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The Merciad, April 28, 2010

The Merciad, April 28, 2010

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Published by TheMerciad
The Merciad, April 28, 2010
The Merciad, April 28, 2010

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Published by: TheMerciad on May 29, 2011
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KimballenjoyingAD job
Page 2
Class projectspurs social mediapolicy uproar
Page 7
What do you think about the $500,000Highland Square renovations?
Current poll:
Where/what isHighland Square? 33%Those improvementswill work for now 22%Way too much moneyfor a temporary fix 36%Tear them alldown! 8%
            V          o             l  .            8            3  ,             N          o  .            2            1             /            4             /            2            8             /            1            0             /            F          r          e          e
Dancerstap resourcesfor 35th year anniversary gala
What would you do if the collegetried to control your online posts?
Page 2April 28, 2010
Class project causes social media policy uproar
 A recent in-class project hascaused quite a stir among Mercy-hurst College faculty.On April 9, Communication Pro-fessor Brian Sheridan’s MultimediaStorytelling class learned how touse Twitter not only as a social net- work, but also as a tool for confer-ences and business proposals.Unfortunately, the projectreceived unexpected attention,eventually sparking an uproaramong faculty and students.It has also prompted an apol-ogy from the Marketing and PublicRelations Department. The lesson consisted of learning how to effectively use “the back-channel,” a social media term fora real-time discussion among userson an online network, such as Twit-ter, as they watch a live event.“The assignment was to use Twitter as a tool to communicate with other people in the class andhave an intelligent conversation live while watching a video on eating healthy,” said junior David Haurin,one of Sheridan’s students.Haurin and others in Multi-media Storytelling that day useda hash tag, #mhurst, to maintaina dialog among themselves aboutthe video—a recorded lecture by aUniversity of California, Berkeley professor.But a problem arose when acompany hoping to conduct busi-ness with Mercyhurst happenedto check tweets about the college. That company, which Director of Marketing and Public RelationsMeghan Corbin declined to iden-tify, contacted Corbin to alert herof what appeared to be hacker-likeactivity on the CommunicationDepartment’s Twitter account.Corbin contacted Sheridan, whoquickly assured her it was only anin-class project.She said she then offered to sendboth him and Dr. Anne Zaphiris alist of blogging guidelines that herdepartment had been developing.But the document that Sheridanreceived, according to Corbin, wasnot the one she intended him toreceive. That document, titled “Social-MediaPolicy.docx,” stated “stu-dents, faculty, staff, administratorsorother parties with an interest inMercyhurst College” found posting online content that contained “inac-curate, distasteful or defamatory commentary about Mercyhurst orits affiliated schools/organizations”could constitute “disciplinary action(including) termination or otherintervention deemed appropriateby administration.” The second line of the docu-ment read, “This policy is approvedby Marketing/Public Relations. The 900-word-plus policy wasintended to “set forth employeeguidelines for all online commu-nications in reference to Mercy-hurst.”“My first thoughts were, ‘Areyou kidding me?’” said Sheridan, who serves as an adviser to TheMerciad but did not assign, write,edit or approve any portion of thisstory. “I forwarded it to Dr. (David)Hyland, and said, ‘They can’t dothis, can they?’”Hyland, biology departmentchair and current Faculty Senatepresident, brought the documentto a Faculty Senate meeting, wheremembers in attendance unani-mously rejected the policy.But the backlash surrounding the document’s release may havestemmed from a simple miscom-munication.Corbin says “SocialMediaPolicy.docx” was still under review in theMarketing Department at the timeit was accidentally sent to Sheridan.She apologized multiple times forthe uproar it caused.“I truly apologize for the con-fusion this may have caused,” shesaid. “At this time, we do not havea policy for employees and studentsfor social media guidelines. As for the project, Haurinexplained that Twitter can be usefulat a conference with hundreds of people.“Through Twitter, more voicescan be heard,” he said. “Also, if thespeaker is using the Twitter accountlive, they can answer questions orguide their presentation in a differ-ent direction based on what peopleare saying.” And for students who wish toparticipate in that backchannel dia-logue, Corbin says there are not and will not be college restrictions on what they can tweet.“I feel really bad about what hap-pened,” she said. “We obviously never intend to infringe on aca-demic policies or free speech.”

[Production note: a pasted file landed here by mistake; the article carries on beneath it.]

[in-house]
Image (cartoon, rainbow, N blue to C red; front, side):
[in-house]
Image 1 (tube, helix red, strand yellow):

By Jennifer McCurdy &Ethan Magoc
Merciad Staff 
Last Thursday, poet Andrew Hudgins continued MercyhurstCollege’s 2010 Literary Festivalby reading poems from his pub-lished works, including “AmericanRendering” and “Shut Up, You’reFine.”Hudgins entertained the audience with his unique sense of humor andinteresting poetry selections.Hudgins read poems that incor-porated serious topics, such as hisselections from “American Ren-dering,” where he read poems thatfocused on the dark side of Ameri-can history. He changed his reading to a more humorous subject whenhe began to explain his newestpublished book, “Shut Up, You’reFine.”Hudgins described “Shut Up, You’re Fine” as a book filled withpoems written for badly behaving children. Some of these poemsHudgins read aloud included“Playing Houth” and “You had itComing.”Many who attended the read-ing found themselves entertainedat Hudgins’s ability to capturethe voice of the child within thepoems.English Professor and Depart-ment Chair Dr. Jeffrey Roessnersaid, “I really love Hudgins’s work,partly because he brings such aunique sense of humor to hispoetry.” After the reading, many students were still chuckling on their way outand expressing their amusement totheir friends. Junior Nick Rex said, “I enjoyedHudgins’s ability to present topicsthat entertained as well as incorpo-rated dark humor.”Sophomore Trevor Surgeuersaid, “I found his reading to beintelligent as well as cynical in anamusing way.” The next morning studentsfrom Dr. Greg Brown’s Intro toCreative Writing had the oppor-tunity to host Hudgins as a guestspeaker.During his visit students hadthe chance to ask questions andlisten to his opinion on writing poetry.Hudgins also provided students with his thoughts on applying tograd school and the process of  writing poetry overall.Hudgins said, “Many believethat poetry is an instant process;however, in actuality it takes severaldrafts before a person can call apoem complete.” The festival will close this Thurs-day at 8:15 p.m. in the Taylor Little Theatre with the unveiling of the2010 Lumen, Mercyhurst College’sLiterary Arts Magazine. The magazine consists of workssuch as poetry, short fiction, pho-tography and artwork created by Mercyhurst students.Free copies of the Lumen willbe distributed during the event, as well as the announcement of thetop three works from this year’sLumen.